Thanks to a Get School poster who sent me a note today that the case of the poaching school had been resolved. Back in the spring, Atlanta Public Schools filed suit in Fulton County Superior Court seeking to stop Riverwood International Charter School — a Fulton high school that sits in Sandy Springs just over Atlanta’s northern boundary — from recruiting city students.
The issue in contention was funding since the APS students who moved to Riverwood brought along their funding. In its lawsuit, Atlanta alleged that Riverwood was recruiting and enrolling students from Sutton Middle School and North Atlanta High School, which it maintains violated state law. (Here is one of my first posts on this story for deeper background.)
The tip led to this new AJC story:
Atlanta and Fulton County have tentatively reached agreement to end what Atlanta officials said was the systematic recruitment of students away from city schools.
The agreement comes in response to a lawsuit filed this spring by the city system over a Fulton high school’s enrollment of students who otherwise lived within Atlanta’s boundaries. At stake: State funding that follows students when they move from one public school to another.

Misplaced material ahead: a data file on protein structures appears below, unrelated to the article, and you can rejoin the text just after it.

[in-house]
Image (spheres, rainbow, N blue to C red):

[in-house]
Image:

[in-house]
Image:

It would allow about 100 Atlanta students currently enrolled at Riverwood International Charter School to stay and complete their education, spokespeople from both systems said. But it would bar new enrollment by city students unless the two systems reach a formal arrangement.
The agreement must be approved by Fulton Superior Court Judge Michael D. Johnson.
Riverwood, which has about 1,400 students, is a conversion charter school, which means it operates under the purview of the Fulton school system but with greater freedom from the rules.
The school’s charter agreement allows the school to accept out-of-district students on a cost reimbursement basis. That means it can charge tuition to make up for costs that otherwise would be paid for with local tax dollars. Riverwood is charging some Atlanta students $8,000 a year in tuition.
The Atlanta system filed suit in May. The suit followed a ruling in April by the Georgia Department of Education, which said Fulton needed to have a memorandum of understanding with the city school system in order for Riverwood to enroll Atlanta students. The two systems have no agreement now.
Fulton officials have said the school has not enrolled any Atlanta students since receiving the Education Department’s letter in April.